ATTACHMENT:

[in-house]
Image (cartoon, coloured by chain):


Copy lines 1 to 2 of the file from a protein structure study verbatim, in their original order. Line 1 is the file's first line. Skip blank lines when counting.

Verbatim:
[in-house]
Image (cartoon, coloured by chain):